Phew. Are we done? I think we’re done, sorta.
Almost two weeks ago, I talked about how things were a bit frenetic. Moving, visitors, and whatnot. Fun things, but a bit less downtime than I’m accustomed to. Then, last Thursday, I talked about my lack of chill and trying to allow some zen to enter (re-enter?) my life.
Well, it didn’t quite turn out that way.
Though the post went up on Thursday at noon, I wrote it a couple of days earlier on Tuesday morning and scheduled it publish automatically. My wife and I were already up in cabin country enjoying the lake life, and while I was having a good time, I was finding it hard to relax. I wrote that post as an attempt to give myself permission to check out for a few days.
Instead, on Tuesday afternoon we found ourselves quickly packing our things and making a beeline back to Minneapolis. The reason? My brother, who you may recall was in town to write some outdoor books, found himself on the business end of a mountain bike handlebar and laid up. For a couple of days, we assumed it was exactly the sort of thing that just needed rest to get him on the mend. We were very wrong!
I Did Not See That Coming
His injury did not improve the way you’d expect if it was a relatively minor muscle injury or bruising. After a doctor’s appointment Tuesday afternoon, he was sent to the emergency room and we raced back to the city.
I’m gonna cut to the chase a bit here. Joe ended up getting surgery to repair arterial damage just above his groin caused by the handlebar. He’s doing pretty well now, but he’s back in Cleveland and will be out of commission for a good six weeks or so. I recommend reading his post retelling this craptastic event for the whole story.
Stating the obvious, this sucked most of all for Joe, but he has his own web site and can talk about that there. This site is about me and how things suck for me. I just want you guys to know where my priorities are.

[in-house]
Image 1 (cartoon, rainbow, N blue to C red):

Now, Joe was in excellent hands at Abbott Northwestern Hospital, known particularly for its vascular department apparently, but these things are still scary because they just are.* The most nerve-wracking aspect of this was how quickly it felt like it unfolded. It may surprise you to learn that I am not a doctor, so to me it felt like it went from “my leg is sore” to “surgery, tomorrow” in the blink of an eye.
This also sucks because it meant Joe’s visit came to a sudden and early end as a result. If you’re not supposed to lift more than 10lbs for 6 weeks, it’s pretty tough to do a bunch of hikes, bike a few hundred miles, and tackle several paddle trips.
Heading home was obviously the right call, but it’s a huge bummer nonetheless. It was great having him around, but because we had been so busy moving it felt like I was coming home every night late and too spent to say more than a few words. I was looking forward to spending the next few weeks focusing on the book projects but having more time to just hang out, too.
It’s a stretch to say anything particularly good has come out of this, but I am at least glad that we were able to be there while Joe was going through this indisputably shitty situation. We did our best to make things as easy as possible for Joe and his wife, and it’s good to feel useful when dealing with something over which you have basically zero control.
At this point, I want only for Joe to heal up so he can get back to doing his thing. This also means I need to get back to doing my thing as well, but I woke up this morning, ostensibly the first “normal” workday in our new home–no moving, no guests, etc–and spent a chunk of time trying to figure out how to go about my day. What is it that I actually do? And how do I do it?
Well, I do this, I guess. I write things. That’s a start.
Beyond that, a lot of my life feels like something of a blank slate. I don’t have work habits defined here in the new location. I don’t have a coffee shop that’s my go-to spot yet. My desk space is a work in progress.
This is a bit disorienting, but I’m hopeful it’s an opportunity as well. I’ve written several posts over the last couple of months where, in hindsight at least, it’s clear I’ve been in something of a rut. Trying to build new habits and routines is uncomfortable and even scary, but that shouldn’t be a hindrance if the old routines weren’t worth a damn.
Some of my habits, like sticking to twice weekly blog posts, were pretty good. But other habits…not so much. It’s time to use all the pandemonium of the last month and our new place as an opportunity to relearn how I operate. It’s time to ditch the comfort zone.
*Things like “Abbott Northwestern has an excellent vascular department” are what you learn very quickly when suddenly in need of it. This kind of information is simply not on most people’s radar until it has to be. Should it be? I dunno. Seems a bit odd to research that sort of thing ahead of time under the theoretical possibility you’d need it, right?